Your iPhone Has Been Hacked POP-UP Scam (Mac)
What is Your iPhone Has Been Hacked POP-UP Scam (Mac)
Your iPhone Has Been Hacked POP-UP Scam (Mac) refers to fraudulent alerts that appear when you get redirected to certain websites. These pop-up scams aim to get your Apple ID, personal information, login credentials, or want to trick you into installing questionable apps or calling tech-support scammers. These scams are incredibly common and you can usually encounter them on certain high-risk websites. As long as you don’t interact with them, you can just ignore the alert and close the window.
The scam falsely claims that your iPhone has been hacked in order to make you alarmed and more likely to act carelessly. The scam pop-ups write that “Immediate action is required”, but depending on the scam, the action may be different. One may ask you to login it your Apple ID, which is essentially a phishing attempt. Another may claim that you need to call the displayed phone number to get technical support, and that’s known as a tech-support scam. Whatever these “Your iPhone has been hacked” pop-ups asks you to do, you can just ignore it.
In order to delete Your iPhone Has Been Hacked POP-UP Scam (Mac) from your iPhone screen, all you really need to do is close the window, as the scam pop-up was likely brought about by the site you were visiting.
Why are these pop-ups appearing
When you’re browsing on your iPhone, these pop-ups and redirects are triggered by the sites you visit. Those sites are often ones hosting pornography and free copyrighted content as they use very low-quality ads to get revenue. Thus browsing them is often not safe. However, as long as you don’t visit them, you should be okay.
If the pop-ups appear when you’re browsing on a Mac, you may be dealing with an adware infection. A pop-up appearing once or twice when you’re browsing questionable sites is nothing unusual. However, if you are seeing weird ads and get redirected when you visit safe sites that previously caused no issues, your Mac may be infected with adware. If that is the case, the ads will not stop until you remove the adware.
Adware is considered to be a pretty minor infection that usually installs via freeware bundles. Free programs usually come with extra offers attached, and they’re usually adware, browser hijackers and potentially unwanted programs. The offers are optional but they are preselected to install alongside the freeware automatically. Users need to manually deselect them to stop them from installing but many don’t, simply because they are not aware of the offers being there in the first place.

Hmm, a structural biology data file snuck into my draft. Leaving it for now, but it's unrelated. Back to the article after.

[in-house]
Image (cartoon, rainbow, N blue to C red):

To prevent installing unwanted offers in the future, you need to install programs in Advanced (Custom) settings. Those settings will make any added offers visible, and you will have the option to deselect all of them. Even if the offers seem useful at first, it’s not a good idea to install any of them. Software bundling is a rather sneaky method, and programs that use it should be avoided.
What is the purpose of these scams
When you get redirected to one of these websites displaying the scams, a pop-up will appear claiming that “Your iPhone has been hacked” and that “All your actions on the device are tracked by a hacker”. The message may seem alarming to users who haven’t encountered these kinds of scams before. The pop-ups ask that users take immediate action, and what that action entails is different depending on the scam. If the main goal of the scam is to phish credentials, users may be asked to put in their Apple ID and password. If malicious actors are successful in this phishing attempt, they may be able to access users Apple accounts, which hold all kinds of personal information, photos, messages, etc. Unauthorized access to an Apple account could have disastrous consequences.
Alternatively, the scam may display a phone number, supposedly for tech-support. This is what’s known as a tech-support scam. The aim of this scam is to convince users that they are calling legitimate tech-support. The fake technicians request remote access to users devices, pretend to fix them and then ask for hundreds of dollars for the services. But since there was nothing wrong in the first place, users would be paying for nothing. These tech-support scams are very common but users still fall for them. However, they are very easy to recognize. First of all, browsers will never display legitimate virus alerts. Second, companies like Google, Apple and Microsoft do not make unsolicited contact and do not display pop-ups with phone numbers for their technicians. If you even encounter a virus alert that shows a phone number, you can immediately disregard it as a scam.
Your iPhone Has Been Hacked POP-UP Scam (Mac) removal
As we said above, these pop-ups appear when you browse high-risk websites. As long as you avoid sites that have low-quality ads, you should be okay. And if you do get the pop-up, to remove Your iPhone Has Been Hacked POP-UP Scam (Mac) just close the tab. If you have interacted with the pop-up, there are certain things you need to do. If you were asked to put in your Apple ID credentials and you did, you need to change them immediately. Once you change your password, enable two-factor-authentication as well. This way, your account will be protected by more than just a password. If you were asked to provide your payment card details, you need to call your bank to cancel the card as soon as possible, before fraudulent charges to your account can be made.
We also recommend changing some of your iPhone settings. Settings -> Safari, toggle on Block Pop-ups and Fraudulent Website Warning. Go to Advanced -> Website Data, and click Remove All Website Data. Toggling on those switches won’t prevent all potentially malicious pop-ups/redirects but it should do some good.Download Removal Toolto remove Your iPhone Has Been Hacked POP-UP Scam (Mac)